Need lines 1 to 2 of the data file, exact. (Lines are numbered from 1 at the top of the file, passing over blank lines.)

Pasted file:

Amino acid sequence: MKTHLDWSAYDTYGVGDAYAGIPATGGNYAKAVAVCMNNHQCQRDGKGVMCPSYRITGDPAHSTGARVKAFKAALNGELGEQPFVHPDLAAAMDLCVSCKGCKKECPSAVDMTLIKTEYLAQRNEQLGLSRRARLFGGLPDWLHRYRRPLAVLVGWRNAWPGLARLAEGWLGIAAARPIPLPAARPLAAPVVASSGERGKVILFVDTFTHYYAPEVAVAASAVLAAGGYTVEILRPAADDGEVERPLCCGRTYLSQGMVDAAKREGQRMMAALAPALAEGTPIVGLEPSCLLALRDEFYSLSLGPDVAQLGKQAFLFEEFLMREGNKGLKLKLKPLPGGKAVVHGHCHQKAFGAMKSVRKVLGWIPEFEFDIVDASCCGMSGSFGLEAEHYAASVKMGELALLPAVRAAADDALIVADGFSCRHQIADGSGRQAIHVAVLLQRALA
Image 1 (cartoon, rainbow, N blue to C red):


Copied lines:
Amino acid sequence: MKTHLDWSAYDTYGVGDAYAGIPATGGNYAKAVAVCMNNHQCQRDGKGVMCPSYRITGDPAHSTGARVKAFKAALNGELGEQPFVHPDLAAAMDLCVSCKGCKKECPSAVDMTLIKTEYLAQRNEQLGLSRRARLFGGLPDWLHRYRRPLAVLVGWRNAWPGLARLAEGWLGIAAARPIPLPAARPLAAPVVASSGERGKVILFVDTFTHYYAPEVAVAASAVLAAGGYTVEILRPAADDGEVERPLCCGRTYLSQGMVDAAKREGQRMMAALAPALAEGTPIVGLEPSCLLALRDEFYSLSLGPDVAQLGKQAFLFEEFLMREGNKGLKLKLKPLPGGKAVVHGHCHQKAFGAMKSVRKVLGWIPEFEFDIVDASCCGMSGSFGLEAEHYAASVKMGELALLPAVRAAADDALIVADGFSCRHQIADGSGRQAIHVAVLLQRALA
Image 1 (cartoon, rainbow, N blue to C red):